As the sun dipped behind pastures around the makeshift campsite near President Bush's ranch, more than 200 people silently clutched candles and gathered around a flag-draped coffin.
The vigil calling for an end to the war in Iraq was among hundreds nationwide Wednesday, as protesters from Grand Rapids, Mich., to Concord, N.H., joined an effort spurred by Cindy Sheehan's anti-war protest in memory of her son Casey, who died in Iraq last year.
"For the more than 1,800 who have come home this way in flag-draped coffins, each one ... was a son or a daughter, not cannon fodder to be used so recklessly," Sheehan said. "Each one is a valuable human life that is missed so desperately," reports the AP.
Marie Evans said to CBC, she attended a gathering at the state Capitol in Oklahoma City to make her opposition to the war heard.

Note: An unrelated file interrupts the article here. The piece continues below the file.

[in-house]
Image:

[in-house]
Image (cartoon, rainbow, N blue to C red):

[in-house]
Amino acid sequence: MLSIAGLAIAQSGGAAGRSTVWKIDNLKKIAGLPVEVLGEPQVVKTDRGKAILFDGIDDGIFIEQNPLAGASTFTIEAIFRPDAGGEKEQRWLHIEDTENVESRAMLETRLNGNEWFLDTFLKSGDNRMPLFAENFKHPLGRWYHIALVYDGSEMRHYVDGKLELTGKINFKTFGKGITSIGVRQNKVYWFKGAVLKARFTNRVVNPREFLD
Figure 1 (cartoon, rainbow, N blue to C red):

"There was no question in my mind that we needed to make a statement in Oklahoma, which is a very conservative state," she said, holding a sign that read, "Every day President Bush plays in Crawford our young men die."
Demonstrators in Nashville, Tenn., carried candles, flags and banners of protest, including one that read: "Thank you for your courage Cindy."
"This is a good example of how one person can make a difference," said Gigi Gaskins, 44, of Nashville.
Sheehan, of Vacaville, Calif., has said she won't leave Texas until Bush's month long vacation ends or he meets with her and other grieving families.
Russian small missile ships - the Grad Sviyazhsk and the Great Ustyug - set off for a mission to the Mediterranean Sea
These days, Russia is welcoming over 2 million fans from all over the world. Many of them came to Russia expecting something dangerous and even life-threatening